President Obama would beat two top contenders for the Republican nomination in 2012 by a wide margin, a new poll found Thursday.
The president would beat former Massachusetts Gov. Mitt Romney (R) by nine percentage points, and best former Minnesota Gov. Tim Pawlenty (R) by 19 points if the election were held today, according to a new NBC/Wall Street Journal poll.
Obama would beat Pawlenty, 50 percent to 31 percent. Ten percent were undecided, 9 percent said it depends, and 6 percent would vote for a different candidate.
Republicans actually fare better at this early point in the cycle with a generic candidate on the ballot. Forty-five percent of registered voters like Obama against a generic Republican, who would get 40 percent of the vote.
To an extent, Obama's early advantage reflects the fact that the race for president in 2012 hasn't formally gotten under way. Neither Romney nor Pawlenty has announced their candidacies, though both are expected to run.
For Pawlenty, his disadvantage against Obama at this point stems in part from his low name identification numbers. Sixty-one percent of Americans said they weren't sure who Pawlenty was. Still 20 percent said they were unfamiliar with Romney, despite his having run for the Republican nomination in 2008.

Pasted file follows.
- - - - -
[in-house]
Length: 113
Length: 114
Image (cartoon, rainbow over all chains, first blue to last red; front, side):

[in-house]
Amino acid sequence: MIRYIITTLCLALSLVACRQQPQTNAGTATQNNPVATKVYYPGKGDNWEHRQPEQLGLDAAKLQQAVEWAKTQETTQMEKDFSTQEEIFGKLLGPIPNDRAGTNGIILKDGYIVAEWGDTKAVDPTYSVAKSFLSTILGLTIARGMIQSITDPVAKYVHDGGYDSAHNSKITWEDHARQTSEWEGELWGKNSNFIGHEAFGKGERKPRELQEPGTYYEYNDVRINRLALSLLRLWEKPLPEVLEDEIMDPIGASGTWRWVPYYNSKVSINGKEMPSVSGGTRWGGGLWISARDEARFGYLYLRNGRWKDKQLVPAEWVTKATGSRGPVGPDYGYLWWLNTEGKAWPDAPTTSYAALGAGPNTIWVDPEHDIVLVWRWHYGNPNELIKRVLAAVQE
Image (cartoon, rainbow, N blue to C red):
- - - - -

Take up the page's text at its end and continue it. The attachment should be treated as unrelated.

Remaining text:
Both Romney and Pawlenty face the challenge first, though, of winning the GOP nomination.
In the Republican primary, former Arkansas Gov. Mike Huckabee ranks as the first choice of 25 percent of registered Republican voters and the second choice of 13 percent. Romney is the first choice of 21 percent and the second choice of 16 percent.
Former Alaska Gov. Sarah Palin is the first choice of 12 percent and the second choice of 14 percent. Former Speaker Newt Gingrich is the first choice of 13 percent and the second choice of 8 percent.
Pawlenty is the first choice of 6 percent and the second choice of 8 percent.
The poll, conducted Feb. 24-28, has a 3.1 percent margin of error.